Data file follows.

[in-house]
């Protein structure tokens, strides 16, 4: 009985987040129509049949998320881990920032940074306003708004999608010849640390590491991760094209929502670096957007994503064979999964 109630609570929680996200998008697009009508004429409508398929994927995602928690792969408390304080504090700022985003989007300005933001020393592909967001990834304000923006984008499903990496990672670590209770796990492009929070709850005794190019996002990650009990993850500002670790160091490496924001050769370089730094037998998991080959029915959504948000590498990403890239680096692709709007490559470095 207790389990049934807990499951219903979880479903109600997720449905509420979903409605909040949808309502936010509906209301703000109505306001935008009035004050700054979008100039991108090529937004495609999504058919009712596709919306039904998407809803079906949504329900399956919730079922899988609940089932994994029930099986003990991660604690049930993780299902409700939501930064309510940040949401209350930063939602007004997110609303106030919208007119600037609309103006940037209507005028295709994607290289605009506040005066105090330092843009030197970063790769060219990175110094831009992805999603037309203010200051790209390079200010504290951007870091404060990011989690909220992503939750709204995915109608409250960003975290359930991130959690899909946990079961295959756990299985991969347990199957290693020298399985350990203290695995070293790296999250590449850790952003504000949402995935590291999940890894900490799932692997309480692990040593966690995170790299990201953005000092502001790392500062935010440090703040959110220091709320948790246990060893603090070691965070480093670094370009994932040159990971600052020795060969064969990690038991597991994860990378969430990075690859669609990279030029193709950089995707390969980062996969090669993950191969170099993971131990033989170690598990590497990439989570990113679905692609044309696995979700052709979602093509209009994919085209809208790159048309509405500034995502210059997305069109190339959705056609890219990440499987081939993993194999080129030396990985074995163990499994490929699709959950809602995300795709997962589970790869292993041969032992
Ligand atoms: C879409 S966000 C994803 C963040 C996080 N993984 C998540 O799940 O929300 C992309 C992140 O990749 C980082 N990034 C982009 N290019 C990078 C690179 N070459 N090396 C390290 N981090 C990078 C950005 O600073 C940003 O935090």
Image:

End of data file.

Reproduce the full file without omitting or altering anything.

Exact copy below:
[in-house]
């Protein structure tokens, strides 16, 4: 009985987040129509049949998320881990920032940074306003708004999608010849640390590491991760094209929502670096957007994503064979999964 109630609570929680996200998008697009009508004429409508398929994927995602928690792969408390304080504090700022985003989007300005933001020393592909967001990834304000923006984008499903990496990672670590209770796990492009929070709850005794190019996002990650009990993850500002670790160091490496924001050769370089730094037998998991080959029915959504948000590498990403890239680096692709709007490559470095 207790389990049934807990499951219903979880479903109600997720449905509420979903409605909040949808309502936010509906209301703000109505306001935008009035004050700054979008100039991108090529937004495609999504058919009712596709919306039904998407809803079906949504329900399956919730079922899988609940089932994994029930099986003990991660604690049930993780299902409700939501930064309510940040949401209350930063939602007004997110609303106030919208007119600037609309103006940037209507005028295709994607290289605009506040005066105090330092843009030197970063790769060219990175110094831009992805999603037309203010200051790209390079200010504290951007870091404060990011989690909220992503939750709204995915109608409250960003975290359930991130959690899909946990079961295959756990299985991969347990199957290693020298399985350990203290695995070293790296999250590449850790952003504000949402995935590291999940890894900490799932692997309480692990040593966690995170790299990201953005000092502001790392500062935010440090703040959110220091709320948790246990060893603090070691965070480093670094370009994932040159990971600052020795060969064969990690038991597991994860990378969430990075690859669609990279030029193709950089995707390969980062996969090669993950191969170099993971131990033989170690598990590497990439989570990113679905692609044309696995979700052709979602093509209009994919085209809208790159048309509405500034995502210059997305069109190339959705056609890219990440499987081939993993194999080129030396990985074995163990499994490929699709959950809602995300795709997962589970790869292993041969032992
Ligand atoms: C879409 S966000 C994803 C963040 C996080 N993984 C998540 O799940 O929300 C992309 C992140 O990749 C980082 N990034 C982009 N290019 C990078 C690179 N070459 N090396 C390290 N981090 C990078 C950005 O600073 C940003 O935090």
Image: